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Domestic Violence and Male Victims

domestic abuse


Domestic Violence and Male Victims

Male victims of domestic abuse are becoming more prevalent in Ireland.  Unfortunately, the statistics are probably inaccurate due to the fact that many men find it embarrassing to admit being abused by women.  They fear the authorities won’t believe them or take them seriously.  They also fear that if they report their partners for domestic abuse they might prevent them from seeing their children.  Some men try and prevent their wife/girlfriend from hitting their children so they intervene and get beaten themselves. There is a lot of shame associated with a man being abused by a woman.  Men are often seen as the dominant partner and are viewed as effeminate by society if they are not seen to live up to this expectation.  They are expected to be able to protect themselves and are seen as wimps if they don’t.  This can cause them to feel isolated and depressed, as they feel they can’t talk about the abuse to anyone.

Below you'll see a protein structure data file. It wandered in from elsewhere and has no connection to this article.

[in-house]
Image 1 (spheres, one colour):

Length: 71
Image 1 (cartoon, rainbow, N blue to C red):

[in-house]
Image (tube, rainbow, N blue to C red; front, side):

Society make excuses for women been aggressive, and condones their behaviour saying it is as a result of hormonal imbalances, depression or personality disorders. In light of this they are not usually expected to take responsibility for their actions. However, men are not excused for their aggressive behaviour, and are expected to take full responsibility for their actions. Also if a man is violent towards a woman in a relationship they are viewed as an unfit parent and the woman receives sole custody of the children.  But if a woman is abusive towards her husband people tend to think he has done something to provoke this and she isn’t likely to be viewed as an unfit mother.  Men often have no choice but to stay in an abusive relationship because they don’t want to lose access to their children.